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Explore Racial Disparities in Hundreds of Illinois Schools and Districts

Takeaways from our “Miseducation” app and how you can use it, too.

This story was first published in ProPublica Illinois’ weekly newsletter. Sign up for that here.

This week, ProPublica launched “Miseducation,” an interactive database where you can search, examine and compare racial disparities in thousands of schools and school districts across the United States. The tool — based on data from the U.S. Department of Education’s Civil Rights Data Collection program — measures these disparities in four ways: enrollment in advanced classes, student discipline, gaps in academic achievement and level of segregation at the district and state level.

Since I helped build the tool and live here in Illinois, I’m going to break out some important takeaways from our state’s data and explain how you can use it to find information important to you. And, please, let us know what you discover about the data from your school district. Does it match your experience? Do you know more about factors that could explain what you see? Send us an email or tweet at us.

1. Nationally, black students are more likely to be disciplined than children of other races. Illinois follows this pattern.

In most of the country, black students are overrepresented in discipline (defined as an out-of-school suspension). That goes for Illinois, too, as you can see on this page.

In 312 of the 326 Illinois school districts where disparities could be calculated, black students were at least twice as likely to be disciplined as white students. In 59 districts, black students were more than 10 times as likely to be disciplined. In only five districts that together represented fewer than 1,200 students, discipline rates for black students were equivalent to or less than white students.

Discipline is particularly worth your attention because it’s a clear-cut metric. Researchers found that when Chicago cut back on discipline, attendance rose and test performance improved among black students. Disparities in discipline often have a significant effect on educational attainment and outcomes.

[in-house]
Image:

2. Hispanic students in Illinois are underrepresented in Advanced Placement classes, except in Chicago.

In Chicago Public Schools, 46 percent of Hispanic students enrolled in Advanced Placement classes, which can give students college credit. That’s the same percentage for Hispanic students in the entire school district. Outside Chicago, it’s a different story. Many districts with Hispanic students see a much smaller proportion of those pupils enrolled in advanced classes.

Take suburban Barrington Community School District, which serves one of the wealthiest areas in the country. In Barrington, Hispanic students make up 18 percent of the population but represent 5 percent of all students taking at least one AP class. Hispanic students are, on average, at least three grade levels behind their white counterparts and 2.3 times as likely to be suspended.



3. Performance and discipline disparities inside individual schools are low in Chicago, but high across the district. Why? Segregation.

If you explore individual Chicago schools in the app, you’ll see that most schools are made up largely of one race. Take Phillips Academy High School, in Chicago’s Bronzeville neighborhood. Our app shows Phillips is 97 percent black. Unsurprisingly, all students who take Advanced Placement classes at Phillips are black. In this way, Phillips isn’t so different from Juarez Community Academy. Juarez is 94 percent Hispanic, and Hispanic students make up 93 percent of AP class enrollment.

In Chicago, the disparities are between schools. That’s in part because Chicago has one of the most segregated school systems in the country. Juarez Community Academy suspends 9 percent of all students, while Phillips suspends 39 percent.

Juarez Community Academy (left) and Phillips Academy High School

To understand those disparities, you have to look at it on a larger scale: the district. At the district level, the systemwide disparities come into focus.

We want you ... to use our app!

Our “Miseducation” tool includes nearly 100,000 schools and more than 17,000 districts nationally, and 4,081 schools and 935 districts in Illinois. There’s a lot more to learn about racial disparities in Illinois education aside from the three takeaways I mentioned. That’s why we hope you’ll use the app to explore the schools in your community and tell us what you find. In the coming weeks, we’ll be adding even more Illinois-specific school data to provide deeper insight into the schools here. So keep checking back.

Again, tell us: Does the data collected by the Department of Education ring true to your experience? What else should we know about factors that could explain what you see? Do you know about Illinois education data and have ideas about what we could show that would be meaningful and impactful? Let us know!

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David Eads

David Eads is a former news applications developer at ProPublica Illinois, where he combined journalism with software development.

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